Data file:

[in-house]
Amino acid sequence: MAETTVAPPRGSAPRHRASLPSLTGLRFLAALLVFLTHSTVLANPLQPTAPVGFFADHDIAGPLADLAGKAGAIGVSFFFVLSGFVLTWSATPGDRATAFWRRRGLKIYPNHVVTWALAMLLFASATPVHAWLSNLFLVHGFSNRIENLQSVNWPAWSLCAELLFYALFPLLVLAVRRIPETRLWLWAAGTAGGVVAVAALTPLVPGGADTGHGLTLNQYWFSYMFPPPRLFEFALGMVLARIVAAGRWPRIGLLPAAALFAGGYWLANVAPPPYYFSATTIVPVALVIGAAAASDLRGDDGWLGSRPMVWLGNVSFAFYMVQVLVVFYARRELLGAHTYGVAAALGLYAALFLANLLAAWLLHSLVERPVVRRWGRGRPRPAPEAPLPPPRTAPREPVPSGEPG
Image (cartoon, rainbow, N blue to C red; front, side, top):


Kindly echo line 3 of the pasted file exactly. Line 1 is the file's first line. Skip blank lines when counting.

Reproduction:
Image (cartoon, rainbow, N blue to C red; front, side, top):